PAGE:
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This eBook from the Gutenberg Project consists of approximately 269 pages of information about A Wanderer in Holland.

Bergen-op-Zoom has its place in history; but it is a dull town in fact.  Nor has it beautiful streets, with the exception of that which leads to the old Gevangenpoort with its little painted towers.  I must confess that I did not like Bergen-op-Zoom.  It seemed to me curiously inhospitable and critical; which was of course a wrong attitude to take up towards a countryman of Grimston and Redhead; Who are Grimston and Redhead?  I seem to hear the reader asking.  Grimston and Redhead were two members of the English garrison when the Prince of Parma besieged Bergen-op-Zoom in 1588, and it was their cunning which saved the town.  Falling intentionally into the Prince’s hands they affected to inform him of the vulnerability of the defences, and outlined a scheme by which his capture of a decisive position was practically certain.  Having been entrusted with the conduct of the attack, they led his men, by preconcerted design, into an ambush, with the result that the siege was raised.

All being fair in love and war one should, I suppose, be at the feet of these brave fellows; but I have no enthusiasm for that kind of thing.  At the same time there is no doubt that the Dutch ought to, and therefore I am the more distressed by Bergen-op-Zoom’s rudeness to our foreign garb.

Bergen had seen battle before the siege, for when it was held by the Spanish, at the beginning of the war, a naval engagement was held off it in the Scheldt, between the Spanish fleet and the Beggars of the Sea, whom we are about to meet.  The victory was to the Beggars.  Later, in 1747, Bergen was besieged again, this time by the French and much more fiercely than by the Spaniards.

From Bergen-op-Zoom we went to Tholen, passing the whitest of windmills on the way.  Tholen is an odd little ancient town gained by a tramway and a ferry.  Head-dresses here, as at Bois le Duc, are very much over-decorated with false flowers; but in a little shop in one of the narrow and deserted streets we found some very pretty lace.  We found, also on the edge of the town, a very merry windmill; and we had lunch at an inn window which commanded the harnessing of the many market carts, into every one of which climbed a stolid farmer and a wife brimming with gossip.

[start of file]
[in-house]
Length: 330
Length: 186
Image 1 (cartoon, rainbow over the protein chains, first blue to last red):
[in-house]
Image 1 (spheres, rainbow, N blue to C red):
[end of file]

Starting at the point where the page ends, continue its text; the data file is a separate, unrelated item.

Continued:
In the returning steam-tram from Tholen to Bergen-op-Zoom was a Dutch maiden.  So typical was she that she might have been a composite portrait of all Dutch girls of eighteen—­smooth fair features, a very clear complexion, prim clothes.  A friend getting in too, she talked; or rather he talked, and she listened, and agreed or dissented very quietly, and I had the pleasure of watching how admirably adapted is the Dutch feminine countenance for the display of the nuances of emotion, the enregistering of every thought.  Expression after expression flitted across her face and mouth like the alternate shadow and sun in the Weald on a breezy April day.  A French woman’s many vivacious and eloquent expressions seem to come from within; but the Dutch present a placid sensitised surface on which their companions’ conversation records the most delicate tracery.  This girl’s little reluctant smiles were very charming, and we were at Bergen-op-Zoom again before I knew it.

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